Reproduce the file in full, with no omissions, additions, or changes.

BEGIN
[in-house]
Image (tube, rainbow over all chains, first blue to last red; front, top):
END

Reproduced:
[in-house]
Image (tube, rainbow over all chains, first blue to last red; front, top):